Medical News Today: Why is one side of my throat sore?

Medical News Today: Why is one side of my throat sore?
A sore throat is a common reason to see a doctor. Most of the time, it is a symptom of allergies, a cold, or the flu. While a sore throat can be painful, it is usually not serious.

However, when a throat is sore on only one side, it may be a sign of a different illness or condition.

In this article, we look at nine possible causes of a sore throat on one side. We also discuss when to see a doctor..

1. Swollen lymph nodes
Sore throat on one side in man holding sides of neck.
Some illnesses and conditions cause soreness on only one side of the throat.
The body's lymph nodes act as filters, helping to identify and trap germs such as viruses and bacteria before they can infect other areas. As they do this, the lymph nodes may swell up and become sore.
The lymph nodes closest to the throat are on either side of the neck. These nodes can cause a feeling of soreness when they become swollen or inflamed.
Many illnesses and infections lead to swollen lymph nodes. Sometimes only one node in the area is sore, which can cause a sore throat on one side.
Some conditions that may lead to swollen lymph nodes include:
2. Postnasal drip
Many common viral illnesses, such as a cold or flu, can cause a sore throat. In these cases, the throat may only be sore on one side.
When the nose is congested, mucus and fluid drain down the back of the throat. This is known as postnasal drip. Continual drainage can irritate the throat, leading to a feeling of soreness or scratchiness.
A specific part of the throat may become more irritated by drainage. It may feel like one side is raw and inflamed.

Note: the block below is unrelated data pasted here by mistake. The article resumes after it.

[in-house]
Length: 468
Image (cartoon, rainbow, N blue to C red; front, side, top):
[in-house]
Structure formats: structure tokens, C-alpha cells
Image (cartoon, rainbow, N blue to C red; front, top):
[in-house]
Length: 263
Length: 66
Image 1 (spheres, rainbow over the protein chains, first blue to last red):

Antibiotics cannot treat or weaken viral illnesses. If a cold, flu, or another viral illness is causing the sore throat, treatment will likely involve rest and fluids.

3. Tonsillitis
Tonsillitis describes inflammation of one or more tonsil. The tonsils are located at the back of the throat, and a virus or bacterium usually causes the infection and inflammation.
An infection in just one tonsil can cause pain on one side. It may also cause a fever, trouble swallowing, and noisy breathing.
Bacterial tonsillitis usually resolves with antibiotic treatment.
4. Peritonsillar abscess
Doctor inspecting patients throat with another doctor, using tongue decompressor.
A peritonsillar abscess requires immediate medical attention.
An abscess is a contained, pus-filled lump within tissue. It is usually caused by a bacterial infection.
A peritonsillar abscess forms in the tissues near the tonsils, usually when tonsillitis becomes severe or is left untreated. It may cause intense pain on one side of the throat. It may also cause fever, swollen lymph nodes, and trouble swallowing.
A person with a peritonsillar abscess requires urgent medical care. In severe cases, it can interfere with breathing.
The abscess may need to be drained by a doctor. Antibiotics are also used to treat the underlying infection.

5. Injury to the throat
Many things can injure the back of the mouth or throat, including:
burns from hot food or liquid
food with sharp edges, such as chips or crackers
endotracheal intubation, which is the insertion of a tube down the throat to help with breathing